iithere is discl'osedgan adjustable armres .mounted mat (it sinner. end .upomam amirZ-tofram adjustable ;:.bracket1:3: bypascrewsrromotherniattaching; .means, and'aith bracketprovidechwith;arslotted ireamend :i".4.--:This;: slot isaadaptedrto Lreeeivesandr permit 5 relative: movementabetweem the'bracketfi hand a supporting ban-. orwmetal i strap wh reby t the 'braeket arld a'rm rstziare wei ticallyeadjustable -ur on the bar.

{ The supportingbar' or'lstr'ap' -5 is= bent oi fdrmed conform to seat 8 and-"with 'thebittreme bent downwardlyfihereovertof preyent unintentional fdisengagement:T TheIoWerend 1 ofitthesupport- B andtheTearmr back T'of'thisseat." Generally it is preferable to locate this bar or strap approximately four to six inches to one side of the operator, and due to the differences in the physwhen mounted in the desired position, the supporting bar remains in that position until removed.

As shown in Figs. 1, 2 and 3, the supporting bar or strap is relatively smooth and in order to latch or look the arm rest 1 onto this bar, the bracket 3 is provided with spaced depending lugs l3 adapted to receive therebetween a latch member 14 having at one end an eccentric cam face l5 pivdtally ,mountedupon a cross-pin I6, and at itsother end a trigger l1 spring-pressed or biased to lowered, locking position by a coil spring 18 held in position by a projection l9 depending from the underside of the bracket arm 2 and a similar projection 21 upstanding on the upper surface of thetrigger I'I.

From the above it will'be seen that the arm having an eccentric surface; forced .into locking rest may be adjusted not only laterally. by. bodily moving the strap or supporting bar 5, but also vertically by moving the trigger upwardly against the spring whereby tdrrelease the latch member II from clamping engagement with the bar or strap .5. Upon releasing the latch after the arm is moved to the vertically adjusted position, the spring automatically moves the latch to locked position and regardless of the downward pres sure applied to the arm rest there is nodanger of its being released because of the camming action of the latch.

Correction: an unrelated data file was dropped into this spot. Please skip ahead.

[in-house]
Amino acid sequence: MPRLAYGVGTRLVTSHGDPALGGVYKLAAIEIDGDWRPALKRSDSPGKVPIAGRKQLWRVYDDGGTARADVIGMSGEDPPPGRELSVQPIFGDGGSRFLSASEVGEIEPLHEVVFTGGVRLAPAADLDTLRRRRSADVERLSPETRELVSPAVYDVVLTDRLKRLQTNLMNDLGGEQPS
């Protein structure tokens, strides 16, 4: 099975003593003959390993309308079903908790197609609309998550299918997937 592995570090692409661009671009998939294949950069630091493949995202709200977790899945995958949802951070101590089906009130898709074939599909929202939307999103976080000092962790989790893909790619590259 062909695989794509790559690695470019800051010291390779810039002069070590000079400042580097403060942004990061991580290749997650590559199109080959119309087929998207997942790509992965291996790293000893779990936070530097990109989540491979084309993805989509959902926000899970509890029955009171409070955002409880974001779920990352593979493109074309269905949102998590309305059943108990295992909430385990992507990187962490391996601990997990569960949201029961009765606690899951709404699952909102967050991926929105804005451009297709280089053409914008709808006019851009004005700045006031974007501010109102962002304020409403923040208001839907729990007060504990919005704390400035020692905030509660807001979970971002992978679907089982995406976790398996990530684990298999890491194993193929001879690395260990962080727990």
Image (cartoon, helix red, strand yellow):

Figs. 4 and 5 show a slightly modified construction, of latch member H1 in which the eccentric cam .face 15% is serrated or provided with teeth 22, andthe: supporting bar or strap 5 is provided with complementary serrations or teeth 23 adapted to receive the serrations or teeth 22 on the cam face and provide a positive interlock there-'1 between. In other respects the latch assembly and strap are similar to the disclosure in Figs.

1 1,2 and 3.

From the above description and the disclosure in the drawing, it will be evident that'the present invention comprehends a novel adjustable. arm

' thereby anchored upon the upper portion of the back for retaining this end in fixed position and with the lower end bent rearwardly and this bent end received and held between the rear of the front seat cushion and the back, an arm rest vertically adjustable upon the supporting bar and including a supporting bracket having a slot therethrough for receiving therein the supporting bar and a spring-pressed latch member having an eccentric face pressed into and held in tight engagement with the adjacent surface on the supporting bar whereby to retain the arm rest rigidly in any desired adjusted position.

2. An adjustable arm rest for the front seat of an automobile and providing a support for the right armof the operator, comprising a supporting bar anchored upon and conforming to engagement with the adjacent surface on the supporting bar whereby to retain the arm rest in any desired adjusted position.